and thank you, for your kind words.

  21. I’ve kept a spiral bound journal full of recipes ever since my daughter was born five years ago with the exact thought in mind about handwritten recipes to hand down to future generations. Occasionally something gets spilled on the pages. Chocolate smudges dot the chocolate chip cookie recipe page. I love it.

  22. such a sweet post. Recipes are so meaningful to me. I feel close to my Grandma every time I bake her roll recipe. I remember the quilted chicken that she had to cover the roll basket and keep them warm. I wish I still had it. I love your recipe box, btw….where did you get it?

  23. Your sentiments about your Grandmother deeply resonate with me.My Grandmother has also passed away. As you had mentioned it is difficult to remember at times that she just is not around. Your writing and your recipe box is a beautiful tribute to your Grandmother!

  24. My Nanny taught me to cook. She bought me my very own copy of the Betty Crocker Cookbook for Kids when I was 8 and Sunday family meals were my job for a good 2 years after that. When I was 11 she was diagnosed with Alzheimers and had a fairly rapid descent into that illness. When she explained to me what was happening to her I remember saying that we needed to cook all her favorite things together quick so I would know how. She pulled out her 2 big recipe boxes and I spent most of that summer copying away at the kitchen table like some ancient monk. And I’m so glad that I did.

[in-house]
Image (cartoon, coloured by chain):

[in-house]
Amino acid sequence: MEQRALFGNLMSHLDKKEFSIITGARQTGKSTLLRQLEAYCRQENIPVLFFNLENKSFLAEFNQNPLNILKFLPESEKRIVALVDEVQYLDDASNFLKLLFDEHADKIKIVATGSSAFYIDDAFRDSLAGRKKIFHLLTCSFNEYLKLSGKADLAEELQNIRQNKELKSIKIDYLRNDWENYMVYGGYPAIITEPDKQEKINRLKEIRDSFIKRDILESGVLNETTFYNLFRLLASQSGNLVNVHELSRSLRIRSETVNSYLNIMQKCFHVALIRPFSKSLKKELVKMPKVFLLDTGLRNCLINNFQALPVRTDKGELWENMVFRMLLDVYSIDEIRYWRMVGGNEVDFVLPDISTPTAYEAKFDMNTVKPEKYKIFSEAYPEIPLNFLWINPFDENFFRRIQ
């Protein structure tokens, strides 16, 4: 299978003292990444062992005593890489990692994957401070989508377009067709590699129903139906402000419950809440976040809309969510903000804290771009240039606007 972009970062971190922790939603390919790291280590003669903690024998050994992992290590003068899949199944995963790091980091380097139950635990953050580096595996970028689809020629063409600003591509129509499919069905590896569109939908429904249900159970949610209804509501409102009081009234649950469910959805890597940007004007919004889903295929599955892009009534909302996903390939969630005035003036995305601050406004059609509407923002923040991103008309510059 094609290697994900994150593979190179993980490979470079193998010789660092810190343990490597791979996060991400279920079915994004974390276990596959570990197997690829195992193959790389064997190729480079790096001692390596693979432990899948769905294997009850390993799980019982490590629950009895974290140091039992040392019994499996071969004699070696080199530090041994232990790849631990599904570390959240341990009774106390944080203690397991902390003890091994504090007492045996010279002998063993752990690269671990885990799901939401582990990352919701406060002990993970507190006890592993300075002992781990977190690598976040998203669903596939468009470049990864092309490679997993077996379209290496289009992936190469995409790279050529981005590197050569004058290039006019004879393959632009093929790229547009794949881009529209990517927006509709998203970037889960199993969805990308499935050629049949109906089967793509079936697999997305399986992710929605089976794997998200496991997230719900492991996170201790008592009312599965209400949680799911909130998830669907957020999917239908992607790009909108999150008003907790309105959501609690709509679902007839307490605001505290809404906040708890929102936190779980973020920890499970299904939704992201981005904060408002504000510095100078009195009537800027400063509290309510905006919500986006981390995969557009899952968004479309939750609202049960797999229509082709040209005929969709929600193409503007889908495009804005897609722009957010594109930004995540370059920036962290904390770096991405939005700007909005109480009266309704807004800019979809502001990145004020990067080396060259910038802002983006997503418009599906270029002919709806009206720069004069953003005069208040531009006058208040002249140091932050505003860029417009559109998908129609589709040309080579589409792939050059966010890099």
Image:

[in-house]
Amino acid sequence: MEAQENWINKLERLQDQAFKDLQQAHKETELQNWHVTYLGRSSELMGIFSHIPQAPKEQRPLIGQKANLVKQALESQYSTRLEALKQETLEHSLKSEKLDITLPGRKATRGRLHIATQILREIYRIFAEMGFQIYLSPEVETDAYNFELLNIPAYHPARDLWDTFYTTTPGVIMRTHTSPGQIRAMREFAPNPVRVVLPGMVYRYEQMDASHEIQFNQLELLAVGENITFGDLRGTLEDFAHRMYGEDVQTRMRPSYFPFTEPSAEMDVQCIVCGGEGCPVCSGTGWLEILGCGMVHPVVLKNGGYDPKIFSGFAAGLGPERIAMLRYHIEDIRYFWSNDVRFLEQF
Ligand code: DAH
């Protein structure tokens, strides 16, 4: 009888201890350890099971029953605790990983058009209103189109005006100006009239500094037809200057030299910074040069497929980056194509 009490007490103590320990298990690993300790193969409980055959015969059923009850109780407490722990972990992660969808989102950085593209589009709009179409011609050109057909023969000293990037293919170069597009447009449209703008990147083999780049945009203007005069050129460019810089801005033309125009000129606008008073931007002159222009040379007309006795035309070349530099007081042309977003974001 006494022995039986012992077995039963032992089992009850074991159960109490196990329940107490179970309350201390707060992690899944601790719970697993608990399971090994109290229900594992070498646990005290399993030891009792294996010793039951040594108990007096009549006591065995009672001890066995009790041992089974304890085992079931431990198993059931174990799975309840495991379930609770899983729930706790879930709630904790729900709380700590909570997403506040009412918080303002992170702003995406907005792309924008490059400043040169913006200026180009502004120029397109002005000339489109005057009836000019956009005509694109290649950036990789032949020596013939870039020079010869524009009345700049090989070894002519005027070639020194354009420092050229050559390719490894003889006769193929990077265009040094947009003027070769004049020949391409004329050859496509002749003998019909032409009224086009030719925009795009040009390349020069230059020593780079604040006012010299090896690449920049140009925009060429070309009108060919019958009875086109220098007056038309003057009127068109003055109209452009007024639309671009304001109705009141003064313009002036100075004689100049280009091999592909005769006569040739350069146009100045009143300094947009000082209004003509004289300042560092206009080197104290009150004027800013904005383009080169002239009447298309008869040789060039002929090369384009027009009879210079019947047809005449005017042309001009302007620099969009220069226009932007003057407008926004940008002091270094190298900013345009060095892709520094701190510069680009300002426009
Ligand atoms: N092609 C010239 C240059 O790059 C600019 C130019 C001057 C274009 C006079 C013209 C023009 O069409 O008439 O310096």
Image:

25. My phone will ring at least once a day with a friend or family member asking for a recipe for something that I have made at one time or another.I then have to search through the many folders I toss my recipes into. The one thing I will be remembered for is my cooking. I need a forever recipe box.Wonderful post Molly.

  26. You seem to have take a page of out my life in the recent months. I lost my beloved Granny at the end of January, very suddenly. I did the same thing one day, sat down to look through her recipes and found the main courses to many of my most happy memories. And that’s when I started my recipe collection as well. Good luck on yours!

  27. when my grandmother died, the only things my mom wanted (there were seven kids dividing up the stuff in the house) were the recipe box, the betty crocker cook book and two pie tins. i am so glad she went the sentimental route.

  28. Very sweet post. I have a recipe book that I started when I was in college. I asked everyone to write out in their own handwriting the recipes that I always remember them making. But now the book is falling apart and I wish I had cards. Or that I hadn’t glued the recipes on both sides of the pages. A handwritten recipe is a beautiful thing.

  29. This really makes me think about how I store my recipes. I love the handwritten mode, but I just can’t trust myself to keep it maintained, so I keep them stored electronically instead. But I miss my mom’s old wooden recipe box.

  30. What a wonderful post. There is something so so special about passed down family recipies.I’m obsessed right now with finding myself a recipe box, I think it’s such a wonderful idea. And such a practical way to store recipies. People don’t use recipe boxes in New Zealand, you can’t seem to buy them in the stores. I found some wonderful vintage ones on etsy but the postage is a bit crazy to get them here. So the hunt continues. In the meantime I’ll admire yours :o)